Distributed logs have been receiving a lot of attention lately. And rightfully so—as a building block, they are a basic concept that in many instances can simplify the construction of distributed systems. But building a distributed log is no simple task. In this post I will share the design of zlog, our implementation of a globally consistent distributed log on top of Ceph. The implementation of zlog is based on the novel CORFU protocol for building high-performance distributed shared-logs.
How fast can RADOS process a request? The answer depends on a lot of factors such as network and I/O performance, operation type, and all sorts of flavors of contention that limit concurrency. Today we’ll focus on the latency added due to request processing inside an OSD. We are going to do our performance analysis by post-processing execution traces collected using LTTng-UST. Check out Tracing Ceph With LTTng for more information on instrumenting Ceph.
This post demonstrates how to use LTTng-UST to collect execution traces from Ceph. As a driving example we’ll use the traces to identify all instances of lock ownership, and how long each lock is held. This type of analysis could be useful for things like identifying sources of latency. While specific to Ceph, the tracing techniques shown can be applied to any application as a powerful tool for performance analysis and debugging.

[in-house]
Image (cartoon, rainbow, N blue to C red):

When failure occurs in Ceph, or when more OSDs are added to a cluster, data moves around to re-replicate objects or to re-balance data placement. This movement is minimized by design, but sometimes it is necessary to scale the system in a way that causes a lot of data movement, and will have an impact on performance (though in practice this is a rare event for which scheduled downtime may be reasonable).
This post is a quick tour of the life cycle of an
OpRequest in the
Ceph/RADOS storage server. We’ll follow the request from the time the generic
message arrives off the network, to the point that the resulting transaction
for an object operation hits the low-level object store layer as a
In Part 1 of this series I looked at the cost of performing a guarded append operation on a single object with varying levels of concurrency. Without parallel journaling mode enabled, the performance of the guarded append doesn’t scale with the number of clients writing because each operation dirties the object, forcing a flush to the data drive to satisfy the read necessary for guard. In contrast, an append-only workload scales well with the number of clients appending.
A powerful feature of Ceph/RADOS is its ability to atomically execute multiple operations on a single object. For instance, object writes can be combined with updates to a secondary index, and RADOS will guarantee consistency by applying the updates in a transactional context. This functionality is used extensively to construct domain-specific interfaces in projects such as the RADOS-Gateway and RBD. This transactional capability can also make it easier to construct distributed applications through the use of custom interfaces, a simple example being an atomic compare-and-swap primitive.
Here are initial performance results for a simple write workload on a new Ceph cluster. There are 6 nodes in the cluster with 2 OSDs per node. Each OSD is has a dedicated data drive formatted with XFS, and both OSDs share an SSD for the journal.
In this post I’m going to demonstrate how to dynamically extend the interface of objects in RADOS using the Lua scripting language, and then build an example service for image thumbnail generation and storage that performs remote image processing inside a target object storage device (OSD). We’re gonna have a lot of fun.